2. Slowly whisk one-fourth of the hot-milk mixture into egg yolks; return to saucepan. Cook, whisking constantly, until the mixture returns to a boil, about 1 minute. Stir in shredded coconut. Transfer to a large bowl; let stand 15 minutes.

3. Pour filling into the prepared crust. Refrigerate until set, at least 4 hours, and up to overnight. Spread whipped cream on top; garnish with toasted coconut, if desired.

Thursday, December 07, 2006

Iraq Study Group

I would not have thought it was possible to feel as optimistic about national policy as I do this morning. I have a whole new list of names to research for possible inclusion in my list of heroes. One of the most wonderful aspects of yesterday's news about the report of the Iraq Study Group is the surprise factor. It's been a long time since Congress and the President accepted an independent report with such apparent open-mindedness as they have received the report of the Iraq Study Group. That indicates that the Iraq Study Group has done its job thoroughly. It's not enough to write the report if you can't get anyone to read it.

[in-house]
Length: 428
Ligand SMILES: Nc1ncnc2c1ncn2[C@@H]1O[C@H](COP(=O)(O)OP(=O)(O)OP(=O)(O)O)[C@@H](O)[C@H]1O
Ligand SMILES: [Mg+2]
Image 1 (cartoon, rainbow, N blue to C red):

I'm comforted by the mere existence of United States Institute of Peace, facilitator of the Iraq Study Group; by the knowledge that not so long ago Congress acted on an idea, first stated in 1792, to establish "an office for promoting and preserving perpetual peace in our country." I am similarly comforted by the roles played by the Center for Strategic and International Studies (CSIS) and the Center for the Study of the Presidency (CSP.)

From the Timeline page of the Institute of Peace: